On the other side, Langhelle distinguishes between the vagueness of the concept and its characteristic to be open to different interpretations. The Report Our Common Future addresses the challenges with a “broad strategic framework” and it is constructed over a “basic concept” (Langhelle: 146). The author believes that Sustainable Development serves the purpose to give “basically integrated concepts and values pointing in different directions” and not a “blueprint for similar developmental paths for all countries” (Langhelle: 147).

I agree with Meadowcroft who understands Sustainable Development as a political concept with the intrinsic characteristic of vagueness and his explanation about the strength of this kind of formulation. On the other hand, my position is near Carruthers’ vision. Sustainable Development is open enough to fit with different discourses and various political, economical , social, cultural contexts. I can not deny that it is a strength, but it makes easy to run far away from the initial purposes for which all the debate started. We want to protect the environment from degradation and exaggerated exploitation, while promoting social justice. My opinion of social justice is the protection of cultural diversity and the rights of self-determination of the different cultures around the world. For example, the exploitation of forestal resources around indigenous populations leads to the incapacity of those population to maintain their traditional life-style. The same system that caused the disruption of their life proclaims them poor in need of help. I see a lot of hypocrisy and a masquerade. Sustainable Development can be a slogan used in a market-based conservation. It could be a pragmatic solution, but also a lost battle against the business as usual pattern. I will go more in depth in this reflections in the next session.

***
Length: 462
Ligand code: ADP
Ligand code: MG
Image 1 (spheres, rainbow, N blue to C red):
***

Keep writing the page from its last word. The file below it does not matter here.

International environmental policy and sustainable development.

Since the WCED 1987 Sustainable Development has become a fashion and, as Meadow wrote in its article, organisations, national governments and local authorities have welcomed the “project” as a fundamental objective of their activity. There is no doubt that the concept conquered the attention of the international environmental policy and it has been operationalised in several policies, agendas and guidelines. The sustainable development Goals of the Agenda 2030 of the United Nations is a great example of the success of the term. The Climate Change Regime included sustainable development as mandatory requirement to solve the climate crisis and the possible consequent humanitarian crisis. Nevertheless there are other examples, as the international forest policy debate, that show other aspects. It seems that the propositions that involve sustainable development work when there are other conditions, in particular the presence of alternative paths that permit a painless change and economical interests that recall the attention of the business. The Ozone Depletion Regime is a successful story, but the harmful substances has been substituted because there were alternatives that could provide a large economic return. On the other hand, the forests have not a substitute, and contrary to the Ozone Regime where there was a gain in the shift, many countries depend economically on the exploitation of forestal resources. When propositions in favour of the environment and sustainable development are against economic interests of considerable dimensions, they will fail to be implemented in any politics.